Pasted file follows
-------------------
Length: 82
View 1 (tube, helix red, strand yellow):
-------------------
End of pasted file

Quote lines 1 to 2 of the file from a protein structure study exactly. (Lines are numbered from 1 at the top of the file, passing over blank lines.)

Length: 82
View 1 (tube, helix red, strand yellow):